Vmware restore speed - what do you get?

  • 25 November 2021
  • 8 replies
  • 251 views

Userlevel 1
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Hi all.

 

Open Question!

 

I would like to know what I can expect from a Vmware restore, regards to the speed. At the moment I don’t know if my restore speeds are fast or slow. I’m not talking about reverting from a intellisnap snapshot, but fair and square network traffic.

 

What Vmware restore speeds do you get when restoring a single Vmware server?

I get:

nbd: around 500Gb/h

SAN: around 250Gb/h

Hotadd: Around 900Gb/h

 

Thanks for helping me to determine if my restores are slow.

 

Regards

-Anders

 

 

 


8 replies

Userlevel 6
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Hi Anders,


To get a better understanding here, I have a few questions: 

Can you confirm what Disk Provisioning type you have for the VM Disk? - From the above results I am assuming Thin Provisioned?
Was the NBD restore using the Physical MA/VSA or the Virtual VSA Proxy?

Also, do you have any features on the Datastore Volume in play here? I.e. Thin-Provision, Deduplication or Compression?

 

Best Regards,

Michael

Userlevel 1
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Hi @MichaelCapon 

 

Sure.

 

Thin provisioning used.

NBD proxy is a physical HyperScale server.

Datastores are not deduplicated or compressed and do use thin-provision.

 

Regards

-Anders

Userlevel 6
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Hi Anders, Apologies for the delay in getting back here.

 

Given you are using Thin Provisioning Disks, It makes sense that NBD and HOTADD are faster here. - Ref: https://documentation.commvault.com/11.24/expert/32040_san_transport_for_vmware.html


HOTADD can be faster than NBD/NBDSSL where there are network limitations between MA and ESX. - On the HyperScale node does the ESX Name resolve to a 1GB or 10GB/Faster interface here? 

 

I can’t give numbers on the “expected” speeds here, since there are factors such as Storage Performance, Network Performance, MA Performance etc.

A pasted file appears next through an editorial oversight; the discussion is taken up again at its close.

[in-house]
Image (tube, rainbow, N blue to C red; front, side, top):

If you wanted to check the performance from the logs, you can check the “stat-” counters in CVD.log (Media Agent) and vsrst.log on VSA Proxies used for restore.

 

Best Regards,

Michael

Userlevel 1
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Hi @MichaelCapon .

 

Thanks for your reply.

 

We are using 10Gbit.

When restoring a bundle of 6 servers in one job via hotadd I now hit 2 - 2,5 Tb/h, so that’s great. Do you know if it’s the same HyperScale node doing the restore or is it balanced out between the HyperScale nodes?

 

I just hoped that other customers with live environments would tip in with there restore speeds, so I had something to compare with. You never know if your fast or slow, if you can’t compare with anything.

 

 

Userlevel 7
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@ApK , can you clarify what you mean about the Hyperscale nodes?  You want to see which node is doing the restore?

Userlevel 1
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Hi @Mike Struening .

 

My question was, if it was only one of the HyperScale nodes providing restore data or if it was balanced between all 6 nodes. 6 nodes would provide faster restore speeds, because of 6 times as many disks to restore from.

Regards

-Anders

Userlevel 6
Badge +15

hi @ApK 

Are you using VSA indexing v1 or v2 ?

As indexing v2 should perform multiple streams restore, if your VMs have multiple vmdks, this should increase performance.

I understood from your answers that your’re using Hyperscale appliances, which I don’t use on the environment under my scope. So maybe they’re all using v2.. 

Userlevel 6
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What @ApK is asking if all the nodes in the HyperScale cluster are used to pull information from and the answer is yes/no. Yes, because data is scattered across nodes in the cluster. No, because one of them is holding the session to the client. So 10Gb will most likely be the limit. But do mind it also depends on the client HW configuration so is it also equipped with a 10Gb and it is dedicated? No, other devices in between like firewalls? 

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